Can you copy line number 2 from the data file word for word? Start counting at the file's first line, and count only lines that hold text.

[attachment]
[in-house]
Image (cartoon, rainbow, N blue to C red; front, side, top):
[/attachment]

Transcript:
Image (cartoon, rainbow, N blue to C red; front, side, top):